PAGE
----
Nitric oxide (NO) is a biological signaling and effector molecule involved in many biological functions, including maintaining blood pressure, modulating neural transmissions and stimulating immune responses. Nitric oxide is also implicated in the regulation of hypoxia-inducible factor 1?, a transcription factor that is a key regulator of oxygen homeostasis1, 2 (see TransAM® HIF-1). Consequently, Nitric oxide has become the subject of extensive research.
Figure 1: Dynamic range of nitric oxide standard curves.
Nitrate standard curves prepared using the Nitric Oxide Quantitation Kit and a conventional LDH-method kit. The Active Motif method provides linear results over a wider range.
- Huang, LE et al. (1999) J. Biol. Chem. 274: 9038-9044.
- Liu, Y et al. (1998) J. Biol. Chem. 273: 15257-15262.
Principle behind traditional nitric oxide assays
Nitric oxide has an extremely short half-life (< 10 seconds), which makes it difficult to detect and study directly. However, because nitric oxide is metabolized to nitrite and nitrate, quantitation of these stable anions can be used to indirectly determine the amount of nitric oxide originally present.
Typically, nitric oxide assays are performed using either a two-step assay or a three-step lactate dehydrogenase (LDH) assay. In both methods, the first step is the reduction of nitrate into nitrite by nitrate reductase. In the final step, Griess Reagent converts the nitrite into a purple-colored azo compound, which is quantitated by spectrophotometer at A540 (Figure 1). However, excess NADPH, an essential cofactor in nitrate reduction, interferes with the Griess reaction, limiting the sensitivity of the two-step assay. To improve sensitivity, an LDH step that degrades NADPH can be added before the Griess Reagent step, resulting in the more time consuming, more complicated three-step LDH assay.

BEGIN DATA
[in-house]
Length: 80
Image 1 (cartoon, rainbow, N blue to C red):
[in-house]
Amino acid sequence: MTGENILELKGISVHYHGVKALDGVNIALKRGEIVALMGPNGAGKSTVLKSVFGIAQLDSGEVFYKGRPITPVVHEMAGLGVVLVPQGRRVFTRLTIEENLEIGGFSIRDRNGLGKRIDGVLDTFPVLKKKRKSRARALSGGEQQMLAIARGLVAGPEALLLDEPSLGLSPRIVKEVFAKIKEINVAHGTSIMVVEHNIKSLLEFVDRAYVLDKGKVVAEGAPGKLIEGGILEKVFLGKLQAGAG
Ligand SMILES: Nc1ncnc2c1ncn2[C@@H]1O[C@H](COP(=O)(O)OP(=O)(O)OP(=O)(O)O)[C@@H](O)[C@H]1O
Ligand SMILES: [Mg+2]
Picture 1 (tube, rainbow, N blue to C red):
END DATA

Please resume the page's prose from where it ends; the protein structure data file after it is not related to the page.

Figure 1: The principle of nitric oxide assays.
Nitric oxide is converted to nitrite, then assayed using Griess Reagent and a spectrophotometer.
Unique features of the Nitric Oxide Quantitation Kit
Active Motif’s Nitric Oxide Quantitation Kit offers advantages in time, ease-of-use and accuracy over the methods described above. It employs an innovative cofactor technology that accelerates the conversion of nitrate to nitrite while simultaneously degrading NADPH. Thus, the reductase reaction is reduced to only 30 minutes and sensitive colorimetric quantification can be performed without the need for LDH treatment. Moreover, the Active Motif method is linear over a broader dynamic range, which increases the range of sample concentrations that can be measured accurately (Figure 1). This means that you’ll need to dilute and re-assay fewer samples. For additional information, please download the Nitric Oxide Quantitation Kit manual.
Advantages of the Nitric Oxide Quantitation Kit